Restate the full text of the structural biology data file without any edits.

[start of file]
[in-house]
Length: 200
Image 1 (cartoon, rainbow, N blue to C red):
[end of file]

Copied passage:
[in-house]
Length: 200
Image 1 (cartoon, rainbow, N blue to C red):